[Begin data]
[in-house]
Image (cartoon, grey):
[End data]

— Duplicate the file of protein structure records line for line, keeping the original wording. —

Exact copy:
[in-house]
Image (cartoon, grey):